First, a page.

IAGS Proceedings - Troubling Lesion Subsets: Bifurcation Disease

Author(s): 

Participants: Max Amor, Raoul Bonan, Howard Cohen, Christopher Cates, Michael Cowley, Kirk Garratt, Tom Linnemeier, Brian O'Murchu, Alfredo Rodriguez, Jeffrey Werner, Hal Whitworth, James Zidar

Moderator: Kirk Garratt
Panel Members: Tom Linnemeier, Brian O’Murchu, Jeffrey Werner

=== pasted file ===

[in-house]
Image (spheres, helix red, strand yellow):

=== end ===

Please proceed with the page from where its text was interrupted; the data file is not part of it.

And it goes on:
Tom Linnemeier: The best treatment option today for a true LAD diagonal bifurcation lesion is to place a stent in the LAD and dilate through the sidebranch. How many people have performed directional coronary atherectomy in the past year? How about in the last month? There are practitioners who are still adept at the technique, but I am not one of them. The Japanese, on the other hand, frequently use directional coronary atherectomy to treat bifurcation lesions — sometimes with stenting. At the Washington Hospital Center, I saw Gus Pichard perform a beautiful directional atherectomy procedure with a Flexicut on an LAD diagonal bifurcation. I also saw a rotational atherectomy procedure performed in North Carolina on an LAD diagonal bifurcation. In my view, Dr. Cowley’s last slide makes a big statement: bifurcation stenting with currently available stents is probably not an appropriate treatment unless it is absolutely necessary. I treated a relatively simple multi-vessel, right circumflex, diabetic patient about a month ago at Stanford. Why didn’t I send this patient for bypass surgery? Because I am an interventional cardiologist and I believe it is my job to avoid bypass surgery when possible. I placed two stents in the LAD and the diagonal started to close, thus endangering the patient. I tried unsuccessfully to balloon it and resorted to placing a bifurcation stent in order to prevent an acute complication with the idea that if it restenosed, there would still be the option of CABG later on. CABG is certainly a treatment option for an LAD diagonal bifurcation lesion, but from a percutaneous standpoint, I think the best treatment option today is to stent the parent vessel and dilate through the stent strut with a stent, although not every stent will allow you to get the size you want through the bifurcation. Otherwise, if you are still adept at directional coronary atherectomy, and if it is a case involving a relatively small calcified vessel, I think rotational atherectomy is an appropriate treatment choice.